weighting could be used to interpret the results.
We chose commercial and community applications
because of their economic importance and relative stability.
What This Is:
A broad overview of the performance characteristics of commercial
and community codes in science and engineering.
A comparison of these performance characteristics with those
of a number of industry standard benchmarks.
Based solely on performance counter measurements from uniprocessor
runs of each application.
To give an idea of the value of performance
counter measurements for understanding application performance, I took
the counter results for the application set (described later) and plugged
them into a very simple CPI-based model. The model was not tuned
for this data set -- I simply applied what I thought the correct costs
should be per event for the target machine (a 195 MHz SGI Origin2000 with
4 MB L2 cache). Most of the predicted performance results were
within +/- 20% of the observed values, which seems pretty good for a model
with no actual knowledge of the microarchitecture.
What This Is NOT:
NOT a detailed study of the performance characteristics of
any individual application.
NOT based on any trace-driven or execution-driven simulations.
NOT providing any direct information about the performance
of any application.
Applications chosen were "important" applications supported
The analyst in charge of each application chose a "relevant"
data set --- no toy problems!
Applications were run with full CPU performance counters
on an SGI Origin2000 system.
195 MHz CPU
4 MB L2 cache
1 GB local RAM
Linear Finite Element Analysis (3 data sets, 2 applications)
Nonlinear Implicit Finite Element Analysis (8 data sets,
Nonlinear Explicit Finite Element Analysis (3 data sets,
Finite Element Modal (Eigenvalue) Analysis (6 data sets,
Computational Fluid Dynamics (13 data sets, 6 applications)
Computational Chemistry (7 data sets, 2 applications)
Weather/Climate Modelling (3 data sets, 2 applications)
Linear Programming (2 data sets, 2 applications)
Petroleum Reservoir Modelling (3 data sets, 2 applications)
NAS Parallel Benchmarks Version 1, Class B, pseudo-applications
NAS Parallel Benchmarks Version 1, Class B, kernels (5 benchmarks)
SPEC CFP95 (10 benchmarks)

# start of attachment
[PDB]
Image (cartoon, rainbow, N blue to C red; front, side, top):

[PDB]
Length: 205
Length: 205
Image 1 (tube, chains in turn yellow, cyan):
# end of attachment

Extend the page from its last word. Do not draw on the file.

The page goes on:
SPEC CPU2000 (13 benchmarks -- one is missing)
LINPACK NxN (heavily optimized, N>1000)
STREAM (whole-program statistics)
Primary Metrics Analyzed
Execution Rate (MIPS)
Cache Miss Statistics: Icache, Dcache, and L2 cache
Instruction Mix (FP, branch, LD/ST, other)
I begin with my standard overview chart, showing
the spread of execution rates vs memory bandwidth utilization. The
dashed line is a trivial model that assumes a core performance of 285 MIPS
and a stall on each cache line miss with a cost equal to the time per cache
line transfer measured using the TRIAD kernel of the STREAM benchmark.
It is not surprising that this simple model fits the data fairly well,
since the compiler used for this study (in early 1997) did not generate
prefetch instructions, and the OOO attributes of the machine are not adequate
to tolerate the ~60 cycles of main memory latency.
The most important thing to get from this picture
is that many of the application areas "clump" into regions of similar memory
bandwidth utilization, even using completely different codes from different
vendors, in some cases written in different decades!
The Computational Fluid Dynamics (CFD) codes
are an exception, with a long story that I don't have time to go into here....
To keep this presentation manageable, I will limit
the following discussion to comparisons of the applications (all grouped
together) with the SPEC CFP2000 benchmarks. These results
were taken from a pre-release version of the benchmarks, and so may not
precisely correspond to the final version -- in particular, one of the
14 final benchmarks is missing from this set -- but I do not expect that
the overall performance characteristics changed much between this version
and the final version.
I begin with a repeat of the previous slide, but
with the applications grouped together and the CFP2000 benchmarks added.
The most important thing that I see in this picture is that the SPEC CFP2000
benchmarks do not capture the large group of applications with low bandwidth
demand and high IPC. In fact, it is not hard to convince one's self
that the overall bandwidth demand of the CFP2000 benchmarks is somewhat
higher than that of the real applications.
Now I move to a review of the L2 cache bandwidth
utilization. Interestingly, the SPEC benchmarks use less
bandwidth than the real applications. A code by code comparison shows
that in a number of cases, the L2 utilization for the SPEC CFP2000 benchmarks
is limited by the main memory bandwidth --- i.e., the data is streaming
through the L2 cache with minimal reuse.